Going a bit past that, if you watch the whole thing understanding it in its Portuguese original it just seems that he sometimes forgets names, as older people sometimes tend to do. There doesnt seem to be anything to it more than that. Having said that, Portuguese speakers who know at all who Piquet is have known for at least a couple decades now, one could probably compile a hour’s worth of video with clips of Piquet being racist making this thing all the more depressing. Its really unnecessary to come up with crazy mistranslations for a word and say its “common usage”, in the process defaming an entire culture. To then try to argue its not just the word but the fact he calls everyone else by name, committing the same mistake of not actually properly verifying that is just clumsy from the English language media who seemingly deems it acceptable to put stuff out based on their usage of auto translators

          • Jason Malcolm says:

            I’m a little confused by your comments now. You have been defending Piquet in these comments but now have stated for over 10 years there is footage of him being racist. So he is a racist which then means he likely is using that word in a racist slur rather than how the average Brazilian associates it?
            Black is an accepted descriptive term and accepted as the ‘correct’ description but in the same turn a racist person can still turn it into a racial slur so as you say Piquet is a racist then he is more than likely consciously using that term for a reason.

            You’ve clarified and I’m grateful that the term is not associated as a slur now. What I’ve read from Brazilians discussing it has been them stating it was historically used racially as a put down for young black people. But as you say it becomes far to much of a deep dive to really go into the histories of it for a WTF1 comments section. I appreciate what information you have given me though. I like to come away from discussions with more information than when the discussion started and you have been very informative.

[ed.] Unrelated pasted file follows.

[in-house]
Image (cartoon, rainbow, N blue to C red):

• Just a last clatification since English speakers seem to get hung up in this, defending a specific statement doesnt mean to defend who said it as a person. Triggering backlash in Portuguese language media all over the world, except for the subset who started this thing for political motives in Brazil, is not how you strive for equality. This kind of cultural imperialism where you defame an entire culture and language based on a false understanding of something is a problem that way overshadows whether an old guy known to be racist is indeed racist or not and, as such, it deserves to be addressed. Not saying you had ill intent but the English language media who picked up on this in the way it did was at the very least reckless

          • Jason Malcolm says:

            I don’t believe anyone has intentionally defamed an entire culture or language. I certainly don’t have that view. I agree there has clearly been a lack of understanding of non Portuguese speakers which is naive of us all that aren’t but the criticism has always been about Piquet as far as i’ve been concerned. I’m glad to be corrected on the general use of the terminology but I still agree with everything that has come Piquets way in the aftermath.

          • Youre missing the fact this isnt an isolated incident but part of a pattern. We came to call it English cultural imperialism for a reason, it isnt new terminology for this case. When the English language media come up with all kinds of crazy mistranslations for a word, some going as far as saying its an equivalent for the n word while adding that despite that its “common usage”, that is indeed defaming an entire culture and thats how the Portuguese language media took it since, again, its part of a longstanding pattern.

            When the same English language media starts seeing they got it wrong and instead of issuing corrections/retractions it starts coming up with other arguments to try to make it stick and with that cover up what happened, then thats the common pattern one would associate with cultural imperialism. Continuing to focus on Piquet instead of the fundamental flaw in media reporting that became apparent is missing the forest for the trees. If it wasnt intentional and English media just doesnt even consider they should fix their mess, that makes it even worse, not better.

            Ill also note that at Silverstone you had Tom Cruise and Lewis Hamilton seemingly getting along very well and, somehow, that wasnt worthy of condemnation by the same English language media. Funny how that works

          • Jason Malcolm says:

            I agree the English language media are always spinning a line. But this has been reported in multiple non English 1st language countries on the same narrative so to tar only the English speaking media isn’t fair not that I’m excusing them of spinning an exaggerated tail.
            I think possibly being from the UK I’m used to the media exaggerating things so you know there will be exaggerations. Admittedly I initially bought this story as fact hook, line and sinker because the first article i read stated use of the ‘n-word’.

            To your point about them adjusting without apologising this is nothing new at all. The media will never apologise for anything because they are only reporting information they’ve been given no matter what they write.
            I don’t agree with this at all but it has been long standing and trying to get them too will never happen as a regular thing. This applies to mis translations, mis reporting, wrongful accusations or even libellous name calling but they still don’t apologise because they were only reporting on the information given.